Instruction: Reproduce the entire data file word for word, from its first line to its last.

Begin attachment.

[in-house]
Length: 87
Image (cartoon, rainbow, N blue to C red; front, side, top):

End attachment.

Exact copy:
[in-house]
Length: 87
Image (cartoon, rainbow, N blue to C red; front, side, top):